Last night, the Music Festival kicked off its 21st season with another first-class  program including  Prokofiev’s Violin Concerto No. 2 in G minor with soloist Stefan Jackiw.  This was Jackiw’s third time at the festival.   This 29-year-old violinist quickly became a festival favorite after making his initial appearance in 2010.  His international acclaim has soared as well with the Washington Post music writer describing him as possessing “talent that’s off the scale.” That talent clearly apparent at last evening’s performance as the handsome young man, of Korean and German parents, gave concert-goers yet another stunning musical memory.

Violinist Stefan Jakiw first appeared with the Bellingham Festival of Music Orchestra in 2010.
Violinist Stefan Jackiw’ first appeared with the Bellingham Festival of Music Orchestra in 2010.

This year, I’m especially excited about the upcoming performances this week by an up and coming young string quartet that is winning both recognition and awards all over the world. And, the violist is a locally grown young man named Jeremy Berry.  Known as the Calidore String Quartet,, this musical foursome got its start at Los Angeles’ Colburn Conservatory of Music where Jeremy had gone to continue his musical studies after graduating from the Julliard School of  Music.  Together the quartet, that also includes violinists Jeffrey Myers and Ryan Meehan and cellist Estelle Choi, are charming and impressing audiences and collecting grand prizes at prestigious chamber music competitions such as the Fishoff, Coleman, Chesapeake, and Yellow Springs. They are well on their way to becoming one of the next outstanding chamber music groups and it’s a treat to have them on the schedule at the Bellingham Festival of Music.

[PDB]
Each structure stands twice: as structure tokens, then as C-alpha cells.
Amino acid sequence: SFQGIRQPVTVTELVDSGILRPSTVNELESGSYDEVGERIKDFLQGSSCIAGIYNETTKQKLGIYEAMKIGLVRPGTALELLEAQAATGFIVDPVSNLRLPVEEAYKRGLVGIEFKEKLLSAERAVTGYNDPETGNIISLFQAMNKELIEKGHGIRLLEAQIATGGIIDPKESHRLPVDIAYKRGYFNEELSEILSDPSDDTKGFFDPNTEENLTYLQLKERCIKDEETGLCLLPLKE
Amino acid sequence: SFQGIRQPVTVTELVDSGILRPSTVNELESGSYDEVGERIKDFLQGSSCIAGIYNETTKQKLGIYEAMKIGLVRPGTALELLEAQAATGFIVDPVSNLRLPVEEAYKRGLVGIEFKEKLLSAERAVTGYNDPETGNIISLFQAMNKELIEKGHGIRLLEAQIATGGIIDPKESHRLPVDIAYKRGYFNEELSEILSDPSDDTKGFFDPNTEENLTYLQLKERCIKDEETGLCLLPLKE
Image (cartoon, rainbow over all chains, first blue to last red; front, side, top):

The Calidore String Quartet visits the Pacific Northwest to perform with the Bellingham Festival of Music orchestra in a concert at Western Washington University. The quartet will also play in recital during the music festival's 2014 summer season.
The Calidore String Quartet visits the Pacific Northwest to perform with the Bellingham Festival of Music orchestra in a concert at Western Washington University. The quartet will also play in recital during the music festival’s 2014 summer season.

On Tuesday, July 8, they will join the Festival Orchestra onstage to perform Elgar’s Introduction and Allegro for Strings, Op. 47. This is a technically difficult piece, particularly for the quartet’s violinist (the composer was himself a violinist). It will give the Calidore a chance to show just how well they can handle what has become a solid part of the chamber orchestra repertoire. That performance will be followed on Thursday, July 10 with a recital by the Calidore.  The evening’s line-up includes Beethoven’s string quartet, Op. 18, No. 1; Tenebrae by contemporary Argentine-born composer Osvaldo Golijov, and Schubert’s String Quartet No. 14 in D minor, known as “Death and the Maiden,” after the composer’s earlier song on which the second movement is based. Both concerts will take place in Western Washington University’s Performing Arts Center. Tickets are still available.